Barry Cryer is one of the most respected and admired writers and performers of his time. In a career spanning forty years, Barry has worked alongside the greatest producers and performers in show business: Tommy Cooper, Humphrey Lyttelton, Morecambe and Wise, Willie Rushton, Peter Cook, Kenny Everett, Rory Bremner to name but a few - this book is a veritable Who's Who of comedy.
From humble beginnings at the Windmill Theatre and Expresso Bongo, to The Frost Report, Call My Bluff and I'm Sorry I haven't a Clue, Barry recalls the good, the bad, and the downright ugly in his own inimitable style.
'Barry Cryer ...an anecdote jukebox whose whole life is basically one big chatshow.'
Hello there! You'll have had your tea? Dougal here. Well, here we go, with our wee book. It's a collection or pot pourri (I've no idea what Hamish means by that - it sounds like something to do with the Pope) of our activities or 'doings' in the village we call home, because that's exactly what it is.
Together with our housekeeper, Mrs Naughtie, and of course, the Laird who lives up at the big hoose and shoots grouse and other bottles of whisky, these are the actual scripts of our wee show which we performed on the wireless, when most of you were probably in bed!
Hamish and I have known each other all our lives - well, not yet, obviously! We have a very close relationship and also with each other. Mrs Naughtie been with us since we first met her at the Krankie Arms, where she was working as part-time barmaid and bouncer.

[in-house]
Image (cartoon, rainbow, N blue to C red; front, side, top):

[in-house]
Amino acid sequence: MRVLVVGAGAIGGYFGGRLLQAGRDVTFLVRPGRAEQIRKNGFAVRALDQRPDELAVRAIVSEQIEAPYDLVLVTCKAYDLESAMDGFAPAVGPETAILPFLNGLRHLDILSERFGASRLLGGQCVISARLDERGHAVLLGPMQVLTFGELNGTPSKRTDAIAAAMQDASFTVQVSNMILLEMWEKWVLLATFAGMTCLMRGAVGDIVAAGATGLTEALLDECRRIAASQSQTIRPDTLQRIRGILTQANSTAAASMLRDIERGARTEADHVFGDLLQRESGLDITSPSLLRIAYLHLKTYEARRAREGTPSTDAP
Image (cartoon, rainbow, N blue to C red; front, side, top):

In addition to the scripts you'll find all kinds of other things tucked away under its kilt. There's a hectic social life in the village. You'll visit the 'bide a wee' café, proud possessor of three Michelin tyres. You'll have a conducted tour of the big hoose by Big Tam, our local guide (not during opening hours). You'll marvel at the site of the Battle of Auchtermuchty, now allotments. You'll peek into the Laird's social diary in 'oot and aboot' (40p at the post office). And a great deal more.
Well, I hope this wee note will make you hurry to the till and spend the terrible amount of money these wee books cost these days. But then again this particular wee book is Scotland's answer to Richard and Judy! Hurrah!
Away now ...
Humph in Wonderland stars chairman Humphrey Lyttelton in the title role, with Tony Hawks as the Narrator, Sandi Toksvig as the Queen of Hearts, Tim Brooke-Taylor as the Duchess, Graeme Garden as the Cook and Barry Cryer as Humpty Dumpty. Andy Hamilton also features as the Caterpillar, with Rob Brydon as the Mad Hatter, Jeremy Hardy as the March Hare, Jack Dee as the Cheshire Cat and Colin Sell as the White Rabbit. Among the fun and games are: 'Mornington Crescent', 'Swanee Kazoo', 'Cheddar Gorge', new definitions for the 'Uxbridge English Dictionary', as well as 'Recipes for Nigella Lawson’s Saucy Mouthfuls' (she makes a great sticky tart). Including 20 minutes of bonus material not heard on transmission, this thoroughly daft take on Lewis Carroll is also a fitting tribute to the late, and much-missed, Humphrey Lyttelton.
1 CD. 1 hr 10 mins.
I'm Sorry I Haven't a Clue was first broadcast on BBC Radio 4 in 1972. The original and much-loved chairman was Hymphrey Lyttelton, who continued in the role until his death in 2008.The original regular members of the panel were Tim Brooke-Taylor, Barry Cryer, Graeme Garden and (until his death in 1996) Willie Rushton. Following Humph's death, the programme returned in 2009 with a rosta of chairmen, current of whom is the now regular Jack Dee.